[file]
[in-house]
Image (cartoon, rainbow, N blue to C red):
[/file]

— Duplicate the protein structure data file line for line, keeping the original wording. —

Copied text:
[in-house]
Image (cartoon, rainbow, N blue to C red):